In July 2006, Lt. Dan Miller, of Lake County Fire Rescue, in Florida, got a call from a woman that said she was going to drop off a baby.
A short time later, a woman arrived at the firehouse pushing a carriage holding a day-old infant, Colleen.
Nearly 11 years later, Miller, now a chief, came face-to-face with the girl he helped rescue for the first time after naming a fire truck in her honor.
"I was nervous," Miller said. "I didn't know exactly what to say to her, but I had a bouquet of flowers for her. We talked a little bit and then she got to see the fire truck and tour the station."
Miller recalled to ABC News being on duty as shift lieutenant on July 1, 2006 when an unknown woman left baby Colleen with him at the fire station.
"This woman walked up and handed me a baby carriage and inside was Colleen, sleeping," said Miller, who is now EMS battalion chief for the department. "She didn't say anything, didn't make any eye contact. I briefly asked if there's anything I needed to know and she just walked away."
Colleen was transported to the local hospital for a medical evaluation.
She was the first baby in Lake County to ever be dropped at the fire station, Miller said.
In 2000, Florida's Baby Safe Haven law went into effect. The law says parents can anonymously leave their baby, up to 7 days old, with an employee at any hospital, emergency medical services station or with a firefighter at any fire station in the state, without fear of arrest or prosecution -- so long as there is no suspected child abuse.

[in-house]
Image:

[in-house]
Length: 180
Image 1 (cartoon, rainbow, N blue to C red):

A year later, Miller and his colleagues received a Christmas card with a photo of Colleen and a thank you note from her adopted family.
Colleen had been adopted by a local couple, Lara and James, on Oct. 31, 2006. Over the years, Lara sent photo updates to the firefighters who ensured her daughter's safety that night in 2006.
On March 31, the firefighters of Lake County Fire Rescue invited Colleen, now 10, her family and friends, to the station for a very special reason.
"Station 112 got a brand new fire truck -- we said, 'Hey, let's name the truck after the baby that was dropped off here," Chief Miller recalled.
Colleen's mother, Lara, who declined to give her last name for privacy reasons, said: "It's very exciting."
Colleen did the unveiling of her name on the fire truck, and was named an honorary firefighter.
Her mom Lara said she will continue to bring her daughter by the firehouse in the future.
"Even though it's been almost 11 years, to think they thought unanimously that it was how they should name the truck...you never know if people are remembering her and they really did," the mom said.